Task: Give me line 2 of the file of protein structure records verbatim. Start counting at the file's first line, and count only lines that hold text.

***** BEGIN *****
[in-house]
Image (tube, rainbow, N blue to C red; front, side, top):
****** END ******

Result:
Image (tube, rainbow, N blue to C red; front, side, top):